Billy McFarland is a douchey-looking 25-year-old entrepreneur who claims that “€œafter computers, the two things I love most are the ocean and, for some reason, rap music.”€ A few months ago he teamed up with million-selling rapper Ja Rule, who has served separate prison sentences on weapons and tax-evasion charges. The interracial pals both decided it would be a good idea to host an astronomically priced music festival on some remote islands in the Bahamas that had almost zero infrastructure but at least used to belong to drug kingpin Pablo Escobar.

Tickets for the sold-out Fyre Festival ranged from a humble $5,000 all the way up to a super-luxurious $250,000. But just as festival-goers started arriving, it all fell apart. What were touted as luxury villas were instead nothing more than “€œdisaster relief tents,”€ and the “€œcelebrity chef-prepared meals”€ that had been promised turned out to be cheese sandwiches with lettuce in Styrofoam containers. Wild dogs roamed the premises, hostile locals began threatening the attendees, and security guards allegedly punched and robbed one concertgoer of his wallet. A tropical thunderstorm destroyed pipes and ripped the tents to the ground, leaving what one observer called “€œa complete dump, just a rain-soaked mud bowl”€ that was worse than a refugee camp. The entire event was canceled as desperate, hungry, shivering millennials scrambled to catch planes back home.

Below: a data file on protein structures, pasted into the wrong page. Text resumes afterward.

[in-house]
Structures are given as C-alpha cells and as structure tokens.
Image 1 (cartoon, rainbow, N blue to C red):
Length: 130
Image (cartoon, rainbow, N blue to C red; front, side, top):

Organizers said this Millennial Altamont merely showed signs of “€œthe growing pains that every first-year event experiences”€ and promised to do a better job next year.

Since everyone knows that anyone who isn”€™t a violent totalitarian leftist is, in fact, a Nazi, an anti-fascist collective in the formerly quaint and beautiful town of Portland, Oregon were able to shut down the annual 82nd Avenue of Roses Parade before it started.

An anonymous email threat was sent to parade organizers: